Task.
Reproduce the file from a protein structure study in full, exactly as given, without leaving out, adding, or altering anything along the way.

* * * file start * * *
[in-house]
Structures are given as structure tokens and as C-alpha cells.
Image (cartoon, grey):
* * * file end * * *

[in-house]
Structures are given as structure tokens and as C-alpha cells.
Image (cartoon, grey):